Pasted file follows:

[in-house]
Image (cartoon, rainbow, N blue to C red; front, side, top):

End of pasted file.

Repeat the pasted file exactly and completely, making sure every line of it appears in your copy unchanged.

[in-house]
Image (cartoon, rainbow, N blue to C red; front, side, top):